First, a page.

The Art of Deconstruction: How French Philosophy Became Fashion

the art of deconstructionism

If you’ve been taking notice of the eyewear trends of late, you’ll notice some strange and wonderful designs that look totally unique. Designs where frames may appear slightly unfinished, lenses that have unique shapes and curves, and classic silhouettes with a slight twist.

This look is ‘deconstructionism’, a fashion trend that was once an art movement, thought up by the French philosopher, Jacques Derrida. Born in Algeria into a Sephardic Jewish family (that became French in 1870 when the Crémieux Decree granted full French citizenship to the indigenous Arabic-speaking Jews of Algeria), Jacques Derrida was an inspired child. One that grew up in awe of the works of philosophers and writers such as Rousseau or Nietzsche. In his older years, he came to teach philosophy at a number of prestigious schools and colleges in Paris before releasing his best work, ‘De la Grammatologie‘, in 1967; a book which introduced the idea of deconstructionism and his outlook on the relationship between text and meaning.

Today, deconstruction is better known in modern art and over the years, this concept has become a style used by fashion designers across all corners of the globe. One of the first fashion houses (and probably most well known for this particular style) is Maison Martin Margiela. From the raw hems and unfinished cuts to the unusual application of fabrics and textures, Maison Margiela is a big advocator of this artistic movement. His collections very much reflect that.

maison margiela deconstructionism

Other designers have followed, including BCBG Maxazria, Christian Dior, Fendi, Prada and more. And the art of deconstruction is now a well know concept used in clothing, shoes and accessories, including eyewear and prescription frames. Eyewear styles, particularly from brands like Miu Miu and Vera Wang, feature some unique features in SS17. Think de-compartmentalised frames, topsy turvy designs, rimless or semi-rimless lenses, cut-out and laser cut, back to front layering, or disjointed wire detailing that looks somehow incomplete. It’s all a part of the contemporary storyline and these designer glasses are always a great talking point amongst fashion circles.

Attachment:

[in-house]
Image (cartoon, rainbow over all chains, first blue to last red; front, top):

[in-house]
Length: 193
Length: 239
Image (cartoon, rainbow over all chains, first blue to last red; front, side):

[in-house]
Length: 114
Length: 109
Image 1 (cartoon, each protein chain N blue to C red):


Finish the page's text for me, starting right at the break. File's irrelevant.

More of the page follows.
Here are some of our favourite deconstructed eyewear styles to try this season:

The Half Frame from Vera Wang

There’s nothing chicer than a half-finished frame front these days, and this Vera Wang Luxe SAPPHO frame is a must-have for the spring / summer season. With 5 on trend colours to choose from!

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Cut Off Lenses from Miu Miu 

These super stylish sunglasses from Miu Miu feature a classic design with a twist! The bottom of the lenses and frame front appear to have been sliced off with a machine. A seriously contemporary design with all the timeless detailing you would expect from oversized black sunglasses – an ode to both old and new. And a must have for every woman’s wardrobe this summer.

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The Unfinished Frame from Fendi

These sunglasses are super cool, with an upside down semi rim and reflective mirror lenses for extra cool points. Make sure you check out the entire Fendi collection for more out-of-this-world futuristic designs like this one…

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The Inside Out Glasses from Givenchy 

If you love deconstructionism, you will love these designer frames from Givenchy. Featuring wire ‘stitch’ detailing on the frame front for a playful inside out look.

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Want to find out more about this year’s HOTTEST statement sunglasses? See our recent blog post.

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